Over £500m was wiped off The Ratner Groups value almost overnight.

What was this saying? Apart from a suicidal honest Chairman, it was demonstrating how the Ratner Brand had the confidence of its market despite the reality of its product’s.

Then we have what I call the identity egotists’. New Chairman or CEO’s who come into organisations and feel obliged to apply their ‘mark’ on the company. What better way (or not) to do this but to re-brand!

Failures abound across both the private and public sectors include:

· UK Royal Mail – Consignia. Who in their right mind throws out a Royal association with a brand that is simplicity in declaring purpose as mail delivery? The national outcry and pride in the Royal Mail brand was instrumental in returning this to order.

· British Airways – The removal of the National Flag from the tail of their planes and replacing it with obscure art. Again did anyone thing how symbolic the National Flag was to the very visual identity of this airline? It too Richard Branson declaration to adopt the flag instead on Virgin Planes for BA to re-adopt the flag.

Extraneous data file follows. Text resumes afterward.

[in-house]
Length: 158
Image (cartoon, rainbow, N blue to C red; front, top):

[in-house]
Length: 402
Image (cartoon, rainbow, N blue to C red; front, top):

Less disastrous brand assassinations include

· Scottish Telecom > THUS. Despite the up swell of customer objections, THUS remains, and has resigned the company to a Global Nomad orphaned from the international credibility of the Scottish Brand.

Read on for the Top 10 Brand disasters of 2010 (yes just in one year!)

· BP – Losses $20billion. Largely due to its handling of the oil disaster.

· Dell – Losses $7billion. Illegal market activities with Intel.

· Goldman Sachs – Losses $6Billion. Compensation practices and questionable trading activities.

· Sony – Losses $5Billion. Lost its leading edge in video game market to Microsoft & Nintendo.

· Adobe – Loses $3billion. Lack of agility in response to challenges to its Flash technology.


The main culprits here are the Brand and marketing agencies who on the face of the above are looking no further than their own betterment. But then I have never known such a fickle industry that ebb’s and flows with the prevailing mood. Or maybe that is what they are meant to do and we as business leaders should be demonstrating clarity by saying NO and not treating them as the definitive on our brands.

After a brand dies, what remain are a name and the memories in consumers’ minds, and in many case I suspect a somewhat shocked group of shareholders!